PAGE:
Charles Williams, The Masques of Amen House together with Amen House
Poems
, Edited and Annotated by David Bratman. (The Mythopoeic Press, 2000)

This book is first and foremost a labor of love on the part of the Mythopoeic Society, a non-profit organization that promotes "the study, discussion, and enjoyment of the works of C.S. Lewis, J.R.R. Tolkien, Charles Williams, and other writers of myth and fantasy literature.

Charles Williams is the one of the least known of the 'Inklings,' the group of writers and scholars that coalesced around C.S. Lewis and J.R.R. Tolkien. Though Williams was an accomplished poet, playwright, and nonfiction writer, he is known mainly for his novels. These novels combine elements of the mystery novel with mythology, the supernatural and religion to create mystery stories that burst out of the genre box — one critic termed them "murder mysteries set in eternity."

Amen House is the London office of Oxford University Press. It was Charles Williams' workplace from 1908 to 1945. Williams wrote the The Masques of Amen House to entertain his colleagues at the Press. Unlike the pallid parodies of popular songs and movies that many of us endure as part of the Christmas office party ritual, Williams' Masques are highly original allegorizations of people and events at the Press.

The basic plots of the three masques are as follows:

The Masque of the Manuscript
The manuscript, "A Short Treatise on Syrian Nouns As Used in the Northern and Sub-Northern Towns In Five Hundred B.C., With Two Maps and Three Charts; By Walter Lackpenny, poor Master of Arts," arrives at the Press. It suffers the agony of editing, dies and is reborn as The Book.

The Masque of Perusal
A year has passed and The Book has not had a single sale and only received one review, which was unfavorable. The Book and the allegorical characters at the Press muse on the futility of publishing. Then a buyer comes. The Book experiences the bliss of Redemption and Joy is restored to Amen House.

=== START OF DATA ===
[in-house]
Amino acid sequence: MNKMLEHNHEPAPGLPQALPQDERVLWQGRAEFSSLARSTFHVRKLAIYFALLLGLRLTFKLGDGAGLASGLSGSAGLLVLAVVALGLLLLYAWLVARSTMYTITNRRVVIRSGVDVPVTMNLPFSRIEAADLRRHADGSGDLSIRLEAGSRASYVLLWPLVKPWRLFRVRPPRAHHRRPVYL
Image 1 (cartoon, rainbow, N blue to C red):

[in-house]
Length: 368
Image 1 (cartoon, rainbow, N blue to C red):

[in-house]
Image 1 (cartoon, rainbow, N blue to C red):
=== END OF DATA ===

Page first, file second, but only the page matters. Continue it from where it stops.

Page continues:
The Masque of the Termination of Copyright
The Book enters its afterlife in the public domain.

In truly masterful introduction, Bernadette Lynn Bosky places The Masques of Amen House in the context of Williams' emotional and professional life, as well as explaining the place of the Masque in English Literature.

I’ve always thought that the essential characteristics of a masque could be defined in three words: "light, slight and trite." In her introduction, Bosky makes a compelling case for the Masque as a serious and worthwhile genre. She writes that in the Masque, "Williams found a most congenial vehicle: personal and universal, mythic and individual, hierarchical yet celebrating the common shepherd, employing the lightness of dance and music yet conveying important facts about the unity and order of creation—even the necessity of what most people now would call a spiritual, and Williams would call a religious life."

These Masques were meant to be "throw-away" pieces that would only be performed once, by and for Williams' colleagues. Nonetheless, Williams' playful poetry is far superior to most of his contemporaries' attempts to express the Sublime. His tongue-in-cheek homage to his boss, for example, is a marvel of concise and playful sarcasm: "…what are years or centuries to him/whose reputation makes the future dim?"

As the "Carol of Amen House" attests, Williams can also write in high sublime style to beat the band:

Over this house a star
Shines in the heavens high,
Beauty remote and afar,
Beauty that shall not die;
Beauty desired and dreamed,
Followed in storm and sun,
Beauty the gods have schemed
And mortals at last have won.

In the cover blurb, Charles Williams' Masques are described as "an intellectual frolic." Unfortunately, the introduction is probably the most accessible part of the work for most readers. Williams's Masques are chock full of learned allusions, inside jokes, multi-leveled and multi-lingual puns and jokes, not to mention a whole lot of allegorical characters flitting about with names like Phillida, Perigot and Thyrsis. A general reader can easily get lost.

In addition to the Masques, the book contains an introduction by Bernadette Lynn Bosky; "Amen House Poems," "Selections from the Music for Masques," Notes, Bibliography and an evocative black and white photograph of the Amen House library, where two of the Masques were performed.

[Liz Milner]

The Mythopoeic Society